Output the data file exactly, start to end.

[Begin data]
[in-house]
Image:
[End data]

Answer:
[in-house]
Image: